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Saudi Arabia’s Abha airport targeted again in Yemeni retaliatory drone attack

US Rep. Ilhan Omar (D-MN) (L) talks with Speaker of the House Nancy Pelosi (D-CA) during a rally with fellow Democrats before voting on H.R. 1, or the People Act, on the East Steps of the US Capitol on March 08, 2019 in Washington, DC. (AFP photo)
This file picture shows the entrance to Abha International Airport in Saudi Arabia’s southwestern region of Asir. (Photo by AFP)

The Yemeni army has launched a fresh retaliatory attack against Abha International Airport in Saudi Arabia’s southwestern region of Asir, using two domestically-manufactured Qasef-2K (Striker-2K) combat drones.

The spokesman for Yemeni Armed Forces, Brigadier General Yahya Saree, said in a brief statement posted on his Twitter page that the unmanned aerial vehicles struck the designated military targets at the airport with great precision on Thursday noon.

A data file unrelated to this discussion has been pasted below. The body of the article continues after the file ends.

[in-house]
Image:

He added that the airstrikes come within Yemen’s legitimate right to respond to the Saudi-led coalition’s devastating military campaign and all-out blockade.

The development took place only three days after Yemeni army forces and their allied fighters struck the same Saudi airport.

Earlier this month, Yemen's army troops and allied fighters from Popular Committees also carried out a drone strike on King Khalid Air base near the Saudi city of Khamis Mushait.

Brigadier General Saree tweeted at the time that the Yemeni forces hit sensitive targets inside the major air base.

Yemen's Arabic-language al-Masirah television network quoted the Yemeni Armed Forces spokesman as saying that the retaliatory attack was launched by a domestically-manufactured Qasef-2K (Striker-2K) combat drone.

The strike was “accurate,” and came in response to the continuing aggression and brutal siege on Yemen, he said.

Saudi Arabia, backed by the US and regional allies, launched a devastating war on Yemen in March 2015, with the goal of bringing the government of former Yemeni president Abd Rabbuh Mansur Hadi back to power and crushing popular Ansarullah movement.

Yemeni armed forces and allied Popular Committees have, however, gone from strength to strength against the Saudi-led invaders, and left Riyadh and its allies bogged down in the country.

The Saudi war has left hundreds of thousands of Yemenis dead, and displaced millions more. The war has also destroyed Yemen's infrastructure and spread famine and infectious diseases across the Arab country.


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